They went to the closed gate, and peeped through into the court-yard. 'I hope he is sound asleep,' said Little Dorrit, kissing one of the bars, 'and does not miss me.'
The gate was so familiar, and so like a companion, that they put down Maggy's basket in a corner to serve for a seat, and keeping close together, rested there for some time. While the street was empty and silent, Little Dorrit was not afraid; but when she heard a footstep at a distance, or saw a moving shadow among the street lamps, she was startled, and whispered, 'Maggy, I see some one. Come away!' Maggy would then wake up more or less fretfully, and they would wander about a little, and come back again.
As long as eating was a novelty and an amusement, Maggy kept up pretty well. But that period going by, she became querulous about the cold, and shivered and whimpered. 'It will soon be over, dear,' said Little Dorrit patiently. 'Oh it's all very fine for you, little mother,' returned Maggy, 'but I'm a poor thing, only ten years old.' At last, in the dead of the night, when the street was very still indeed, Little Dorrit laid the heavy head upon her bosom, and soothed her to sleep. And thus she sat at the gate, as it were alone; looking up at the stars, and seeing the clouds pass over them in their wild flight--which was the dance at Little Dorrit's party.
'If it really was a party!' she thought once, as she sat there. 'If it was light and warm and beautiful, and it was our house, and my poor dear was its master, and had never been inside these walls.
And if Mr Clennam was one of our visitors, and we were dancing to delightful music, and were all as gay and light-hearted as ever we could be! I wonder--' Such a vista of wonder opened out before her, that she sat looking up at the stars, quite lost, until Maggy was querulous again, and wanted to get up and walk.
Three o'clock, and half-past three, and they had passed over London Bridge. They had heard the rush of the tide against obstacles; and looked down, awed, through the dark vapour on the river; had seen little spots of lighted water where the bridge lamps were reflected, shining like demon eyes, with a terrible fascination in them for guilt and misery. They had shrunk past homeless people, lying coiled up in nooks. They had run from drunkards. They had started from slinking men, whistling and signing to one another at bye corners, or running away at full speed. Though everywhere the leader and the guide, Little Dorrit, happy for once in her youthful appearance, feigned to cling to and rely upon Maggy. And more than once some voice, from among a knot of brawling or prowling figures in their path, had called out to the rest to 'let the woman and the child go by!'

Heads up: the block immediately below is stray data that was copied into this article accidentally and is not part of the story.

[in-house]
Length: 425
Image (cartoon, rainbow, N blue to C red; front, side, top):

So, the woman and the child had gone by, and gone on, and five had sounded from the steeples. They were walking slowly towards the east, already looking for the first pale streak of day, when a woman came after them.
'What are you doing with the child?' she said to Maggy.
She was young--far too young to be there, Heaven knows!--and neither ugly nor wicked-looking. She spoke coarsely, but with no naturally coarse voice; there was even something musical in its sound. 'What are you doing with yourself?' retorted Maggy, for want Of a better answer.
'Can't you see, without my telling you?'
'I don't know as I can,' said Maggy.
'Killing myself! Now I have answered you, answer me. What are you doing with the child?'
The supposed child kept her head drooped down, and kept her form close at Maggy's side.
'Poor thing!' said the woman. 'Have you no feeling, that you keep her out in the cruel streets at such a time as this? Have you no eyes, that you don't see how delicate and slender she is? Have you no sense (you don't look as if you had much) that you don't take more pity on this cold and trembling little hand?'
She had stepped across to that side, and held the hand between her own two, chafing it. 'Kiss a poor lost creature, dear,' she said, bending her face, 'and tell me where's she taking you.'
Little Dorrit turned towards her.